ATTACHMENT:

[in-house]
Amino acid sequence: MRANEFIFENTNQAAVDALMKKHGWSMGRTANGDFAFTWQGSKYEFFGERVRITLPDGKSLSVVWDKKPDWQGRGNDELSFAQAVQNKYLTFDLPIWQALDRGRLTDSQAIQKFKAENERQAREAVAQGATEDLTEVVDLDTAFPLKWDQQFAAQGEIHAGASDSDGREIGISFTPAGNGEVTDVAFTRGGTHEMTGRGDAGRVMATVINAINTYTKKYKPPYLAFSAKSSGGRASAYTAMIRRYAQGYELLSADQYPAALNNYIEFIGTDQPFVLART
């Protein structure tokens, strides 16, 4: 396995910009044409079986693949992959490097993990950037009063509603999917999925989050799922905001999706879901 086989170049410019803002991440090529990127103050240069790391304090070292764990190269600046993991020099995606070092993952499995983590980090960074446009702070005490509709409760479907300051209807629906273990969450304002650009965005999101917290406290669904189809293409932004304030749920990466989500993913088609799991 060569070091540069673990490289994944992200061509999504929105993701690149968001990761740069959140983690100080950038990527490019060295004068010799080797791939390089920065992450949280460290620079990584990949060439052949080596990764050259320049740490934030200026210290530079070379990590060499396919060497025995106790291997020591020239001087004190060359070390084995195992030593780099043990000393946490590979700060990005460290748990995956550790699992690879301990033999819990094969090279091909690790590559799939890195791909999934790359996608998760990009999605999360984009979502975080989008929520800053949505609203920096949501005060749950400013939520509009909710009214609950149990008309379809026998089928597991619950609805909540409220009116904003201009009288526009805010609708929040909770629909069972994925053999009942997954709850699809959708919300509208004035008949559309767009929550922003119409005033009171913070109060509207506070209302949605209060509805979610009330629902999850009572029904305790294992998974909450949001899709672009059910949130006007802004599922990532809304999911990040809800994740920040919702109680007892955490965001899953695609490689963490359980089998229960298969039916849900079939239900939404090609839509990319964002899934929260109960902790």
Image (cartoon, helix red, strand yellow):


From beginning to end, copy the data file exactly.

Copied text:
[in-house]
Amino acid sequence: MRANEFIFENTNQAAVDALMKKHGWSMGRTANGDFAFTWQGSKYEFFGERVRITLPDGKSLSVVWDKKPDWQGRGNDELSFAQAVQNKYLTFDLPIWQALDRGRLTDSQAIQKFKAENERQAREAVAQGATEDLTEVVDLDTAFPLKWDQQFAAQGEIHAGASDSDGREIGISFTPAGNGEVTDVAFTRGGTHEMTGRGDAGRVMATVINAINTYTKKYKPPYLAFSAKSSGGRASAYTAMIRRYAQGYELLSADQYPAALNNYIEFIGTDQPFVLART
């Protein structure tokens, strides 16, 4: 396995910009044409079986693949992959490097993990950037009063509603999917999925989050799922905001999706879901 086989170049410019803002991440090529990127103050240069790391304090070292764990190269600046993991020099995606070092993952499995983590980090960074446009702070005490509709409760479907300051209807629906273990969450304002650009965005999101917290406290669904189809293409932004304030749920990466989500993913088609799991 060569070091540069673990490289994944992200061509999504929105993701690149968001990761740069959140983690100080950038990527490019060295004068010799080797791939390089920065992450949280460290620079990584990949060439052949080596990764050259320049740490934030200026210290530079070379990590060499396919060497025995106790291997020591020239001087004190060359070390084995195992030593780099043990000393946490590979700060990005460290748990995956550790699992690879301990033999819990094969090279091909690790590559799939890195791909999934790359996608998760990009999605999360984009979502975080989008929520800053949505609203920096949501005060749950400013939520509009909710009214609950149990008309379809026998089928597991619950609805909540409220009116904003201009009288526009805010609708929040909770629909069972994925053999009942997954709850699809959708919300509208004035008949559309767009929550922003119409005033009171913070109060509207506070209302949605209060509805979610009330629902999850009572029904305790294992998974909450949001899709672009059910949130006007802004599922990532809304999911990040809800994740920040919702109680007892955490965001899953695609490689963490359980089998229960298969039916849900079939239900939404090609839509990319964002899934929260109960902790």
Image (cartoon, helix red, strand yellow):